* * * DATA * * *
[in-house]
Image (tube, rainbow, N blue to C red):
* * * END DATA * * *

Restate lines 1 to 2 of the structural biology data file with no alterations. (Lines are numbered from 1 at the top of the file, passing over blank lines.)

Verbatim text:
[in-house]
Image (tube, rainbow, N blue to C red):